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The Odyssey2 was one of the many also-rans in the first wave of cartridge-programmable game consoles. Notable primarily for being the first (and possibly the only) game console to come with a built-in alphanumeric keyboard, it was an odd duck in a number of ways – its graphics and sound capabilities were limited (though better than the 2600 at the time), the "one life and you're out" gameplay of most of the games was kind of quirky, and only a handful of games made any real use of the integral keyboard. Even with Leonard "Mr. Spock" Nimoy promising us that the Odyssey2 had "The excitement of a game, with the mind of a computer" on TV, it never enjoyed the kind of success achieved by the "big three" (Atari, Intellivison, and Colecovision). Still, it did have its share of fun and unique games – especially the "Master Strategy" series, which was particularly unique in attempting to blend the videogame and board game genres to make the gameplay more challenging and complex.
However, one thing it did share with its more popular bretheren is a complete lack of A/V-style outputs; like most consoles and home computers of the day, the Odyssey2 provides only an RF output on channel 3 or 4. In addition, most of the consoles also had permanently-attached joysticks, rather than detachable/replacable ones. Of course, so does the Intellivision – but since the Odyssey2 controllers are just simple 8-way joysticks with a single fire button, there's no reason why they shouldn't be easily replaceable with any standard Atari-style joystick.
Now, before we begin, let us recite together the standard disclaimer mantra:
Getting an Odyssey2 console apart couldn't be simpler – just three hex-cap screws on the bottom, and the two halves come apart cleanly. The bottom half of the shell doesn't have anything in it, and as you can see in these photos, even the top half doesn't have all that much to it. If it weren't for the alphanumeric keyboard, the unit could easily be about half the size it is. All that extra space is good for me, though, since it means I have plenty of room to work with when it comes to installing the video-amp board and running all of the extra signal and game-controller wiring.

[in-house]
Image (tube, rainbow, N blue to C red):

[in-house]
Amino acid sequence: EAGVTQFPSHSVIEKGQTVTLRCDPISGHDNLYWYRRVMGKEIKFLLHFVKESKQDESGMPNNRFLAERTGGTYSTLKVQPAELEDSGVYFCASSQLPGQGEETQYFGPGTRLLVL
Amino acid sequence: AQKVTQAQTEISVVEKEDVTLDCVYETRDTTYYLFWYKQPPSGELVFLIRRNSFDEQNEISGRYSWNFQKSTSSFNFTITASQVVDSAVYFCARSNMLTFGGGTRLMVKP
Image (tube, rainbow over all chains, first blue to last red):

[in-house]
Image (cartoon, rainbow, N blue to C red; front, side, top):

Removing the circuit board is equally simple; two more hex-cap screws, located right next to the ROM-cartridge connector, and it lifts right out – and unlike the Intellivision and Colecovision consoles, there are no big metal PCB shields to remove, either! The only thing to be careful of is the flex-cable connecting the membrane keyboard to the logic board – try not to twist or pull on it as you work. Actually, you might not even need to remove the PCB at all in order to carry out these modifications, since all of the connections you need to get to are conveniently accessable on the solder side of the PCB as it is.
It's actually quite amazing how little there is to the logic board, really – there are only 13 chips on the entire board, most of which are nothing but simple 7400-series TTL chips. All of the heavy lifting is being done by an Intel 8048 microcontroller and an Intel 8244 graphics-and-sound chip. The 1K (that's K as in "kilobytes") BIOS ROM is built into the 8048, and the total amount of available RAM is 320 bytes – no, not "kilo-" or "mega-"bytes, just bytes; 64 of them inside the 8048, and the remaining 256 inside that big 24-pin DIP next to the CPU.